Southern California Junior
PROS: Has a dangerous first step with the burst and speed to challenge corner. Has good closing burst on the ball and delivers hit to quarterback. Flashes a good spin move and also inside counter move. Effective rushing the quarterback with his hand on or off the ground. Wraps up the ballcarrier and has the speed and burst to make plays in pursuit. Athletic, and has good hips for his size, able to cover the flat when working in coverage.
CONS: Needs polish when it comes to turning the corner, as he doesn't dip the shoulder and will take false steps. Needs to improve his hand use to disengage from blocker off edge. Overly relies on his edge speed and needs to develop more pass rush moves. Not as effective rushing when he's covered up by a linebacker or tight end. Needs to improve at the point of attack, both getting off blocks and as a tackler in space. Not natural in coverage and lacks burst out of his breaks.
OVERVIEW: Griffen is a pass-rushing specialist that plays the hybrid end-linebacker spot vacated by Clay Matthews. He's more end than Matthews was, but his role probably mirrors more of what NFL linebackers do than ends. Had 10 sacks his first two years despite not being a regular starter. Had 8 sacks this past year and 9.5 TFLs. But was considered a bit of a disappointment during his USC days his first two seasons with some questioning his work ethic.
NFL FORECAST: He reminds me a lot of Elvis Dumervil in terms of him being a shorter, thickly-built speed rusher. I don't think Griffen is going to impact as a true defensive end. Or I should rather say I think his length to impact is too long. He is just not effective at all unless he lines up wide outside the tight end. That's all fine and good on 3rd and 9 playing on the weakside away from the tight end, but on every other down that he may get reps, it's fairly worthless. He can develop as a more well-rounded pass rusher, but I think he's probably severla years off from that. In the mean time he can contribute significantly as a speedy edge rusher on passing downs, and like Dumervil be on eof the top situational rushers in the league, but he's not an every-down end. I think if you want him to contribute as more than a situational player in the first two or so years of his career, you're going to have to play him at linebacker. He best fits in a 3-4 scheme that will use him in the same manner the Broncos used Dumervil or Dallas uses DeMarcus Ware, which is to rush the quarterback 60% of the time or more. Neither guy is good in coverage, although I think Griffen has the potential to be better than either. He won't be a great run defender (like Dumervil), but can be effective there with some development. Like Dumervil, he can be a very valuable NFL palyer that is productive in his role. But he's not going to be the ideal every down player. I think in the 4-3 scheme, the best case for him is probably to play in a role like Orakpo did in D.C. this past year, where he played a stand-up linebacker on run downs and moved to rush end on passing downs. Orakpo wasn't a good run defender or good in coverage, but made up for it by having 11 sacks. I think Griffen can do the same, although he's not as fluid an athlete as Orakpo is/was. But I think he's more comfortable playing with his hand off the ground because he did it all this past year.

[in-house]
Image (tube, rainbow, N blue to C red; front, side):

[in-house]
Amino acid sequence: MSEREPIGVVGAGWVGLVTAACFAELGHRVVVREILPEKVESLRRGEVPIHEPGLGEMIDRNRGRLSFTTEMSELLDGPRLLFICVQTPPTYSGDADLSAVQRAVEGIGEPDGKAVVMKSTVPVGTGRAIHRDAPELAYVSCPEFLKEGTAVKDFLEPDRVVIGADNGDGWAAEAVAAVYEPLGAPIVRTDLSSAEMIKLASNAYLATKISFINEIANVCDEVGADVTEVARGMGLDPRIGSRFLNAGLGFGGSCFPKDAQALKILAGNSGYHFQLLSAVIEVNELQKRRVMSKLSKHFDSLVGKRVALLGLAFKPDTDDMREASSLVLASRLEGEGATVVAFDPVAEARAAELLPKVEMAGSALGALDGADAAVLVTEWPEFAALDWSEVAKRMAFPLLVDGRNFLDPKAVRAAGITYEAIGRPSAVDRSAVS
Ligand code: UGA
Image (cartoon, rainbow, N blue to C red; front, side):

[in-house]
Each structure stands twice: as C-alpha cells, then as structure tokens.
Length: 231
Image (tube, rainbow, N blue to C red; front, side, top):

ATL FORECAST: In Atlanta, Griffen's best chance of success is to play that Orakpo-like role where he plays SAM linebacker on 1st and 2nd down and then moves to rush end on third down. Initially however, he'll probably be limited to just being a situational rusher as an end. In coverage, I don't think he'll be anymore a liability than Nicholas, as he'll struggle to match up with quicker backs, but should be able to stick with most tight ends. As a future linebacker, it's probably best for him to slim down to 260 or less to get quicker and more explosive. I think by his second year he could beat Nicholas for the starting job. He has the potential to significantly upgrade the pass rush, but if the Falcons were to try and make him into a full-time defensive end, I don't think he would have as much success because he's a fairly one-dimensional guy. And while he could be a productive sack artist by his second year (8-10 sacks), he's not going to truly replace John Abraham as a guy that can be a dynamic playmaker in a variety of situations long-term.
VALUE: Griffen is not a first round value except for a 3-4 team that will use him much the same way the Cowboys use Ware. In that role he would work well as a mid-to-late first rounder. For a 4-3 team looking to make him into a Brian Orakpo-type as a linebacker or a situational pass rusher, you'd get much better value for him at the beginning of the second round.
1-poor, 2-weak, 3-above average, 4-very good, 5-elite
PASS RUSH: 4.0
POINT OF ATTACK: 2.5
"Vincere scis, Hannibal, victoria uti nescis" -- Maharbal, 216 B.C.E.